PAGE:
Market Watch: Squash Blossoms
Squash blossoms are the sweet and tender flowers of growing summer squash. I (very gently) grabbed some and rushed home to cook them my favorite way: stuffed and fried until golden (yes, fried!). You can find them at the farmers’ markets from late spring to early fall -- here's what you should know about this farmers' market delicacy.
Squash blossoms are a true delicacy -- fragile and so highly perishable that you’ll almost never find them at the grocery store. For best results, use them within a few hours of bringing them home.
Blossoms are unbeatable when stuffed with cheese and lightly fried. It takes a little bit of work, but they make a spectacular appetizer. I’ve experimented with recipes for everything from tempura batter to egg batter to beer batter to come up with my own version. When frying, make sure the oil is at the proper temperature (a thermometer helps!). This way, the food absorbs the least amount of oil, which helps keep the calories and fat under control.
Place ricotta in a small bowl lined with cheesecloth or a paper towel. Cover with plastic wrap and place in the refrigerator to drain for 1 to 2 hours. Combine strained ricotta, basil, and mozzarella in a small bowl; mix well with a fork. Transfer cheese mixture to a resealable plastic bag and cut off one of the corners so that the filling can be squeezed out. Gently pull away the leaves of each blossom and squeeze in about 3/4 to 1 teaspoon of the filling. Close the petals and gently twist at the top to seal.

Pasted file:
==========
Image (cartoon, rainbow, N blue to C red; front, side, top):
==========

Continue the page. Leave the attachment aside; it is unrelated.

To prepare the batter, combine flour and milk. Season with salt and pepper and whisk to combine.
Heat oil in a medium saucepan to 350-degrees. Dip the stuffed blossoms in the batter and allow any batter excess to drip off. Gently place in hot oil and fry, turning once, until golden – about 2 minutes. Transfer to a paper towel to drain. Sprinkle with additional salt if desired and serve immediately.
Dana Angelo White, MS, RD, ATC, is a registered dietitian, certified athletic trainer and owner of Dana White Nutrition, Inc., which specializes in culinary and sports nutrition. See Dana's full bio »